alien & sedition.
Monday, June 25, 2007
  The Fairness Menace

The editors of the Washington Times are angry with Trent Lott for speaking out in favor of the immigration bill. But they're especially upset with the Mississippi Senator's criticism of right-wing talk radio (Lott told the NY Times that "Talk radio is running America. We have to deal with that problem.") -- because they fear his comments will undermine the right's case against revival of the Fairness Doctrine:
Mr. Lott's comments about the immigration bill are unfortunate in their own right. But his suggestion that talk radio is a problem that someone has to "deal with" because it makes it harder to ram the immigration bill through the Senate is even worse, because it raises the specter of reviving the "Fairness Doctrine" — the Federal Communications Commission policy (repealed in 1987 at President Reagan's urging) that effectively barred any serious political debate from occurring on the airwaves.
Paranoia about a return of the Fairness Doctrine has been a staple of conservative commentary over the past couple of years -- and no wonder, since the explosive growth of right-wing talk radio was a direct result of the Doctrine's repeal. Most recently, comments by Sen. Dianne Feinstein and a major report by the Center for American Progress have fueled the fire.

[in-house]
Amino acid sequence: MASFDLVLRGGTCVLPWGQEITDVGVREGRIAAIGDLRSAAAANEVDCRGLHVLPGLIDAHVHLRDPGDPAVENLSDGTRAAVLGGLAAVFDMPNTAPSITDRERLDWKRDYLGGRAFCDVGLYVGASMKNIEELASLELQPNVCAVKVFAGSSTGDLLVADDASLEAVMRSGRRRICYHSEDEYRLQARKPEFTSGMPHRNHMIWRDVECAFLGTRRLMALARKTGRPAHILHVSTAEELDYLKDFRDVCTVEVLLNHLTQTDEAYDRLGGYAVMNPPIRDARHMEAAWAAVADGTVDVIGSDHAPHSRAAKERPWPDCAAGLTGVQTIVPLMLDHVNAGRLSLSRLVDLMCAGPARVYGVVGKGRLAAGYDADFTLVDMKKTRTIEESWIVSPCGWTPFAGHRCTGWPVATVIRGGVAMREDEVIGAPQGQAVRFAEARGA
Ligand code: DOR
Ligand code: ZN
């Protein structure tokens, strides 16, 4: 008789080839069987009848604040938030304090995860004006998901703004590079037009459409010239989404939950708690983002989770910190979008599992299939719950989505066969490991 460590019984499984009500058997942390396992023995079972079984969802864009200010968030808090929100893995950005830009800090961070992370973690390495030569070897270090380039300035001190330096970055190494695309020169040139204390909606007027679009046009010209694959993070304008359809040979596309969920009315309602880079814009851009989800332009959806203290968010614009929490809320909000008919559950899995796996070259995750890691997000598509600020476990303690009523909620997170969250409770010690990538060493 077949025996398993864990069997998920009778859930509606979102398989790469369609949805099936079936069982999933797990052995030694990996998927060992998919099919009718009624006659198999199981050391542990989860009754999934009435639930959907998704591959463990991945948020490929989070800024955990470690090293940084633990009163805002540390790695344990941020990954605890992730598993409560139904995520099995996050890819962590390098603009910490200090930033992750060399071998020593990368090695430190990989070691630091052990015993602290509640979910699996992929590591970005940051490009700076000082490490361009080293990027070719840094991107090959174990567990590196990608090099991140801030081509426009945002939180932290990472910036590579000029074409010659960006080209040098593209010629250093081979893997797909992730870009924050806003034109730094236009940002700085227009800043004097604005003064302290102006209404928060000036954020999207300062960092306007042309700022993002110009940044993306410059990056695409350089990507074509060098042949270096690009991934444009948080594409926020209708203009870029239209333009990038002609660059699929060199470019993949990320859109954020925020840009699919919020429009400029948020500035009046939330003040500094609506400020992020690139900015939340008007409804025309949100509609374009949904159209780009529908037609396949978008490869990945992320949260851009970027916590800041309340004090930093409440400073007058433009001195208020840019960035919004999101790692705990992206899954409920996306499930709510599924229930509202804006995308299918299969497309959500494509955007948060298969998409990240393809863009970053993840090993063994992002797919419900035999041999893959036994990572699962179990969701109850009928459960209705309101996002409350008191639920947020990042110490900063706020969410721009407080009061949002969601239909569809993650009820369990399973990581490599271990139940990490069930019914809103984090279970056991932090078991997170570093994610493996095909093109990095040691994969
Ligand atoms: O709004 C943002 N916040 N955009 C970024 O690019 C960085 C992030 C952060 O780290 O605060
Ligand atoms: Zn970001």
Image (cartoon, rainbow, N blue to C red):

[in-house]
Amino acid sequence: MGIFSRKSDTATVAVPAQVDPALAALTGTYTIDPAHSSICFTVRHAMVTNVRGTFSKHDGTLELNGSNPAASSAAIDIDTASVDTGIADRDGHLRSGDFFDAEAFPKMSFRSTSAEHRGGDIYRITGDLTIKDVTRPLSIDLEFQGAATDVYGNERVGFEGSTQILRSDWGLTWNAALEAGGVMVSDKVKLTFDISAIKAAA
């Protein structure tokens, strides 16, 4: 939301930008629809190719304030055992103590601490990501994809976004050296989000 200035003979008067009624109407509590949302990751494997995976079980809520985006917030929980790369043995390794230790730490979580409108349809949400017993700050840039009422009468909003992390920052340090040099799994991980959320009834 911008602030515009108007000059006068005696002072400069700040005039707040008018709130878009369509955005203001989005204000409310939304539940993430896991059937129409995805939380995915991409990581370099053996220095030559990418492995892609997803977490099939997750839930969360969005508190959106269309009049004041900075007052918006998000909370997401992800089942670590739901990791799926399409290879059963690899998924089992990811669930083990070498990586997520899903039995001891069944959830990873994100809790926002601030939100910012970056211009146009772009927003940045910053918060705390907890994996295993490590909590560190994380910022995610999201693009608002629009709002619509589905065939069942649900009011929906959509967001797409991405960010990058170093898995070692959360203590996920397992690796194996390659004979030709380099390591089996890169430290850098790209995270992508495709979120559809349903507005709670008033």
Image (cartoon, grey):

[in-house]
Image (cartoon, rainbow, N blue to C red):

The fear is misguided: for instance, as Think Progress points out, the CAP report specifically did not call for revival of the Fairness Doctrine, instead suggesting that "we should address the more significant problem of concentrated ownership and ineffective regulation in order to push the market structure to better meet local needs." But if conservatives want to uphold their tradition of fighting the wrong war at the wrong time, perhaps that will give progressives a little more space to pursue more effective reforms.

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now I stay tuned..
 
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